Even within the last few years, Republican lawmakers continue to be the ones pushing to curb survey research, specifically viewing and criticizing the ACS as an invasion of privacy. A 2015 FiveThirtyEight piece by Ben Casselman on similar issues in Canada touched on the efforts by Texas Congressman Ted Poe in the U.S. Poe has frequently introduced a bill in congress to make the mandatory ACS a voluntary survey, a change that could seriously damage the quality of data which many rely on for important decision-making–an experience that Canada had to suffer with one of its major household surveys. The language used in support by Poe reinforces the comments made by Webster above, speaking to the role of right-of-center ideology in refusing to take surveys. Again, the points of emphasis from Poe are the “government-mandated” nature of the ACS, that “the government will come after you” if the ACS is not taken, and that the ACS constitutes “another example of unnecessary and completely unwarranted government intrusion.”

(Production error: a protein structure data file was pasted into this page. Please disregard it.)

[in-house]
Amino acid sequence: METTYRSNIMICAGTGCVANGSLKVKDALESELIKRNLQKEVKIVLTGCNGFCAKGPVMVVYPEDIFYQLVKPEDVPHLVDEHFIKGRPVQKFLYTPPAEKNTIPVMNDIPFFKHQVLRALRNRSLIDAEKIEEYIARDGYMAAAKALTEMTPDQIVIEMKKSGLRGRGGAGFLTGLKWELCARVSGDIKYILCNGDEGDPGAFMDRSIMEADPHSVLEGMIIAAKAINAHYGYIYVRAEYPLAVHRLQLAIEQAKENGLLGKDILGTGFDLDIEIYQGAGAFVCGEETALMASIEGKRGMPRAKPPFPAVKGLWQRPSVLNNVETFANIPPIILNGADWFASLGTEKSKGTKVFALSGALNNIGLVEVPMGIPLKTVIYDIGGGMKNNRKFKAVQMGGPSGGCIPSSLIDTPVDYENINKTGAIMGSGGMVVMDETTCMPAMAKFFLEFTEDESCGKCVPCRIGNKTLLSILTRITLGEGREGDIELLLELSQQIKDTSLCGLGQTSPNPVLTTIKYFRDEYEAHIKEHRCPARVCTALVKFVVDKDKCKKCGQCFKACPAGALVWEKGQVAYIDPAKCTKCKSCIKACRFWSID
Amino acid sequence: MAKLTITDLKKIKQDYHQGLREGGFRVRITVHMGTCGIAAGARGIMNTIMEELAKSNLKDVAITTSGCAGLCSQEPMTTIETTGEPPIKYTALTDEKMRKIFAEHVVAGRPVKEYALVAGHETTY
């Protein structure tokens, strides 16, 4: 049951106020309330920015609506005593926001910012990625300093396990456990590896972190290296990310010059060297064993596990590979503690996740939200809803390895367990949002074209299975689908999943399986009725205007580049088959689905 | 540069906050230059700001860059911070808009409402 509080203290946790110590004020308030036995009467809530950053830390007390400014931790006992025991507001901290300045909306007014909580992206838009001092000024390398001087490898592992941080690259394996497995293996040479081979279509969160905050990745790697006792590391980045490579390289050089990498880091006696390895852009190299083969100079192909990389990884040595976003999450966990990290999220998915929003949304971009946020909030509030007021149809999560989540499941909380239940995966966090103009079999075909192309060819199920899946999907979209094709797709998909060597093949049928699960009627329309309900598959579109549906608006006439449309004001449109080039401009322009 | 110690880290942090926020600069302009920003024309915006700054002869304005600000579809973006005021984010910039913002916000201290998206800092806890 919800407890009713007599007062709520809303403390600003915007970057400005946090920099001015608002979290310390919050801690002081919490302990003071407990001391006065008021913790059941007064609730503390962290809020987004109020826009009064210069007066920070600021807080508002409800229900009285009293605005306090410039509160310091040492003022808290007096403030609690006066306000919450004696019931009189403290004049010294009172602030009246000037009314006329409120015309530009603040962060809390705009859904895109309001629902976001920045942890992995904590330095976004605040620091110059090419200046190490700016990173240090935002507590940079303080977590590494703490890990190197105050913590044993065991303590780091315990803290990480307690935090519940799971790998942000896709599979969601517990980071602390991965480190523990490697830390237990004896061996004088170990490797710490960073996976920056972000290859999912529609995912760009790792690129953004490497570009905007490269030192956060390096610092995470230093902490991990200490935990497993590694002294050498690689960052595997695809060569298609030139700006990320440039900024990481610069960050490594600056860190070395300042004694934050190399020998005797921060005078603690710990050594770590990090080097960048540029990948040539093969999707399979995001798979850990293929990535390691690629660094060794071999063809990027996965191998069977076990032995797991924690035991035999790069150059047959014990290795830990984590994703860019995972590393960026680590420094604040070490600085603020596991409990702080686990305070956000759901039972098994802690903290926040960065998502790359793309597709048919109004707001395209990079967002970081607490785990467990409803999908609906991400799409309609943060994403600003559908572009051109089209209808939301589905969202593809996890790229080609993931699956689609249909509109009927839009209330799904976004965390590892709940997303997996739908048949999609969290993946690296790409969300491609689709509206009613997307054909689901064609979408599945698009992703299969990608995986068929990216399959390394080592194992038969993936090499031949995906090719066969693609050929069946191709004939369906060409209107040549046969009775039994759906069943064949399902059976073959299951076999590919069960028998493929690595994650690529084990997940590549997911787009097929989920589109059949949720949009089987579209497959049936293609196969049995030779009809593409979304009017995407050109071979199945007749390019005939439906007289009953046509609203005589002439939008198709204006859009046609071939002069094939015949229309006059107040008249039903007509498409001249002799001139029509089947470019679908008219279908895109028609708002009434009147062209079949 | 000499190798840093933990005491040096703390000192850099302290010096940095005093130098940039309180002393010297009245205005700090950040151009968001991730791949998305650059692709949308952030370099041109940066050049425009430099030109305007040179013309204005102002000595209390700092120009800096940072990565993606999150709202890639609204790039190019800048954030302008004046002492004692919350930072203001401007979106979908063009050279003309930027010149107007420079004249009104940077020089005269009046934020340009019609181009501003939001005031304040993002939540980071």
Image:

Especially in recent years, the ACS has become increasingly tied into conservative ideological framework’s negative perception of big government, with personal questions seen as intrusions into daily life and as governmental overreach. Evidence of this directly involves only the ACS, which makes sense given it is conducted by a governmental organization. However, I would consider it very likely that the same linkage drawn by conservatives extends to political surveys more broadly, such as pre-election polls; in other words, all types of surveys represent intrusive violations of privacy at odds with key conservative ideological tenets. Notably, the remarks from conservatives that I’ve noted here come from elites (congresspeople) and not from the masses in the form of opinion polling, for example. But given the well-established dynamic of the public’s tendency to often follow cues from elites concerning an issue and to adopt positions from elites of the same partisan stripes, it seems likely that the public–specifically the Republican/conservative rank-and-file on the receiving end of these cues–is also coming to view the ACS and all surveys in a similar light. In this (speculative) sense, right-wingers could be growing increasingly less willing to partake in surveys as questions and debate surrounding matters like the ACS become more common. Consequently, this would lead to non-response biases that involve political orientations. While a bit removed, the notion of social trust and capital could still be at play here in this expansion of where conservative ideology is applied.